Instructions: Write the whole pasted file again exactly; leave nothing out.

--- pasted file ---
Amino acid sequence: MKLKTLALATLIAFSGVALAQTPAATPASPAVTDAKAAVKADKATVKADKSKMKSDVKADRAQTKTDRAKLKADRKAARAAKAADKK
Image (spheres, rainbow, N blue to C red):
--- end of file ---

Amino acid sequence: MKLKTLALATLIAFSGVALAQTPAATPASPAVTDAKAAVKADKATVKADKSKMKSDVKADRAQTKTDRAKLKADRKAARAAKAADKK
Image (spheres, rainbow, N blue to C red):